Guest traveller Lucy Menadue spent her childhood dreaming of a life filled with adventure and watching in awe at the amazing places Getaway would take her. More than 20 years have passed since those days of dreaming and in this short story she takes us on her own adventure of a lifetime to the volcanoes of Guatemala.
This story is one of the formidable Acatenango volcano in Guatemala. Three weeks into our Central American adventure, we left our lovely little eco-lodge, green surroundings and the howler monkeys of Rio Dulce, and headed for the charming city of Antigua – with its colonial architecture, cobblestone streets and relaxed vibe. Normally, the drive takes around 7.5 hours, however with traffic at a standstill in Guatemala City we arrived in Antigua 12 hours later.
Overlooking Antigua are three impressive volcanoes – Agua, Fuego and Acatenango. Both Fuego and Acatenango are active, but only Fuego has regular eruptions. Acatenango has not erupted since 1972 and is renowned for its volcano hikes. While many travelers make the journey further afield to Pacaya Volcano for a nice three-hour hike we decided to take the 12-hour overnight hike up Acatenango. Or I should say, my husband wanted to do it and being stubborn I obviously had to climb it as well. All I can say is that we were warned. We were warned about how difficult it was. We were warned that people had recently died from hypothermia while climbing it. That didn’t stop us.
After failed attempts at an afternoon nap we departed that evening. It wasn’t until our minibus started winding up higher and the temperature dropped, fogging up the windows, that my nerves hit. After meeting our guides at a local house, we started the climb. I immediately regretted my decision – I doubted my ability to make it but knew I would have no other option. A day time hike might not be so bad but I am useless at night. I love my sleep. I need my sleep. And now I had been awake all day and was going to hike uphill all night at high altitude. I was in for some trouble. The walk started off relatively easy. Up along a road and into some paddocks. It didn’t seem too bad….
With the summit at 3976 metres above sea level, it wasn’t long before some of our fellow hikers started experiencing symptoms of altitude sickness. Our guides would stop for brief periods to recoup, which would give sick people time to slump down in a heap.A few of us struggled along at the back, slowly and deliriously placing one foot in front of the other. There were stages where we were engulfed in a thick fog that prevented us from being able to see any further ahead. Our group had spread out with the fittest bounding off into the distance and the slowest lagging behind. Amid the fog we would reach forks in the road and have no idea of the direction the others had gone. Luckily, a dog named Toby decided to join us for the trek and helped to guide us. He would appear from nowhere, walk with us for a time, before disappearing again. He seemed to appear when I was struggling the most. He became my spirit animal giving me the strength to continue.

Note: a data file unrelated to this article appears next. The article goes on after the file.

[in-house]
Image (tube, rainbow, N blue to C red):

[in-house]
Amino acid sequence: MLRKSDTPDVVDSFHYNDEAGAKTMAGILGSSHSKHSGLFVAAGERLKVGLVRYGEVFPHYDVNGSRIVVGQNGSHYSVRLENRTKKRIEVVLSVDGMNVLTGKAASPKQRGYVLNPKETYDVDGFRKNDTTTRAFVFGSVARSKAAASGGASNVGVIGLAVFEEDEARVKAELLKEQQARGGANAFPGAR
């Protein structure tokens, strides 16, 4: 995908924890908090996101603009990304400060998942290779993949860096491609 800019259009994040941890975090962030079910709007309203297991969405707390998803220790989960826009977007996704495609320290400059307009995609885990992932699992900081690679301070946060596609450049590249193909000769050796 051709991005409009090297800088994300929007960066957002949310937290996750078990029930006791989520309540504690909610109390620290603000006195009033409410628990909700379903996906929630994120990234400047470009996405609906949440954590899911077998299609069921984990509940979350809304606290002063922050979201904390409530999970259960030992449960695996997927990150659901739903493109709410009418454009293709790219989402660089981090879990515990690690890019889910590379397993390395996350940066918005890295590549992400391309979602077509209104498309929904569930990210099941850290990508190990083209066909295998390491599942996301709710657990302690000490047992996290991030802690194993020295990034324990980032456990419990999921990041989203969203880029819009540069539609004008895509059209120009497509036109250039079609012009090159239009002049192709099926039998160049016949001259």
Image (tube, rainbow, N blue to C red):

As we got higher, the ground got softer. My legs ached and I was so tired I was sure I was starting to hallucinate. As we hiked through a thick fog, we could hear a loud, but distant roar. The sound became constant, but the fog was so thick that we could barely see our surrounds, let alone where the sound was coming from. At long last, we arrived. The final ascent was long, steep and slippery. We arrived, and yet couldn’t see a thing. In the distance, we could still hear that deep bellowing roar. It was so cold that our group spooned around a campfire to keep warm. And just like that, the fog shifted, the clouds parted, and we were blessed with the most incredible reward. The roar was in fact the sound of Fuego erupting in the distance. We could see lava spewing out the top and rolling down the sides. Far below, we could see the lights of Guatemala City. To top it off, an impressive lightning show played in the background. We could not have hoped for more. I never considered I would be fortunate enough to witness a volcano erupting in my lifetime. As the sun rose, the lava slowly stopped but the sky lit up a stunning array of oranges, pinks, blues and purples.
Sadly, the rising of the sun meant we now had to begin the long and difficult descent. While climbing down would not take anywhere near as long as our ascent, we would be doing it with no sleep, no food, and with incredibly weak muscles. One by one our legs gave way and we would slip down the soft volcanic earth. My legs shook with every step. It took three hours to reach our guide’s house and what a feeling of accomplishment it was. Still, to this day, the overnight climb up Acatenango remains the most difficult physical and emotional challenge in my life. But the views will forever remain etched in my mind.
The featured image was taken by photographer Hadi Al Sinan.